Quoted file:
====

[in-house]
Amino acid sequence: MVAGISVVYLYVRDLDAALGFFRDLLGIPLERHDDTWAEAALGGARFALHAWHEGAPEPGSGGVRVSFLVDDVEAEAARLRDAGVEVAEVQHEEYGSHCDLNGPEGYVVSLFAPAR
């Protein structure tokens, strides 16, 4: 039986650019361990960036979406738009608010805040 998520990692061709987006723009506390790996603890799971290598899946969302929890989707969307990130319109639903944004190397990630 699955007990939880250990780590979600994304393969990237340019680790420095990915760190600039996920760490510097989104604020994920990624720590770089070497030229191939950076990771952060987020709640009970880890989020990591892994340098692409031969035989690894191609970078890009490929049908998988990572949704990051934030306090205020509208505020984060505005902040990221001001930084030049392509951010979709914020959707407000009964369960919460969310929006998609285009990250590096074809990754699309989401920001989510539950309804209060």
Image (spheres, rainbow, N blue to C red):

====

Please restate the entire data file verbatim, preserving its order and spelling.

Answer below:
[in-house]
Amino acid sequence: MVAGISVVYLYVRDLDAALGFFRDLLGIPLERHDDTWAEAALGGARFALHAWHEGAPEPGSGGVRVSFLVDDVEAEAARLRDAGVEVAEVQHEEYGSHCDLNGPEGYVVSLFAPAR
């Protein structure tokens, strides 16, 4: 039986650019361990960036979406738009608010805040 998520990692061709987006723009506390790996603890799971290598899946969302929890989707969307990130319109639903944004190397990630 699955007990939880250990780590979600994304393969990237340019680790420095990915760190600039996920760490510097989104604020994920990624720590770089070497030229191939950076990771952060987020709640009970880890989020990591892994340098692409031969035989690894191609970078890009490929049908998988990572949704990051934030306090205020509208505020984060505005902040990221001001930084030049392509951010979709914020959707407000009964369960919460969310929006998609285009990250590096074809990754699309989401920001989510539950309804209060």
Image (spheres, rainbow, N blue to C red):